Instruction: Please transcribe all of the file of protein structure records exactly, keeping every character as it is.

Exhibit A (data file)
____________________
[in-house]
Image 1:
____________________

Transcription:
[in-house]
Image 1: